In one respect, a method for image mosaicking is provided. The method may include the steps for determining pixels saliency of a first image and second image, where the second image may be similar to the first image. A salient pixel may be selected from the determined pixels saliency of the first image. Similarly, one salient pixel from the determined pixels saliency of the second image may also be selected. The first and second image may be mosaic together if the selected salient pixels from the first and second images are successfully registered.

In other respects, a method for generating an image mosaic is provided. Steps of the method include providing at least a first and second image. A target similar in both the first and second image may be selected. A salient pixel from each of the provided images is selected, where the salient pixels relate to the selected target. The salient pixels may be registered and upon successful registering, the image mosaic may be generated.

In some respects, a method for image mosaicking determines pixels saliency of a first image and second image. One salient pixel may be selected from the determined pixels saliency from each of the first and second image. If the selected salient pixels are successfully registered, the first and second images, the mosaicking step may be performed.

The term “image mosaicking” as used and define in this disclosure refers to a technique for mapping of an image series onto a common image grid. The result of the mosaic may form a comprehensive view of a scene (i.e., an image formed from the image series).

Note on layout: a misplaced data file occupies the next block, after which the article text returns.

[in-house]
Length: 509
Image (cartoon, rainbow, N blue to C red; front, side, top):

The terms “a” and “an” are defined as one or more unless this disclosure explicitly requires otherwise.

The term “substantially,” “about,” and its variations are defined as being largely but not necessarily wholly what is specified as understood by one of ordinary skill in the art, and in one-non-limiting embodiment, substantially and its variations refer to ranges within 10%, preferably within 5%, more preferably within 1%, and most preferably within 0.5% of what is specified.

The term “coupled” is defined as connected, although not necessarily directly, and not necessarily mechanically.

The terms “comprise” (and any form of comprise, such as “comprises” and “comprising”), “have” (and any form of have, such as “has” and “having”), “include” (and any form of include, such as “includes” and “including”) and “contain” (and any form of contain, such as “contains” and “containing”) are open-ended linking verbs. As a result, a method or device that “comprises,” “has,” “includes” or “contains” one or more steps or elements possesses those one or more steps or elements, but is not limited to possessing only those one or more elements. Likewise, a step of a method or an element of a device that “comprises,” “has,” “includes” or “contains” one or more features possesses those one or more features, but is not limited to possessing only those one or more features. Furthermore, a device or structure that is configured in a certain way is configured in at least that way, but may also be configured in ways that are not listed.

Other features and associated advantages will become apparent with reference to the following detailed description of specific embodiments in connection with the accompanying drawings.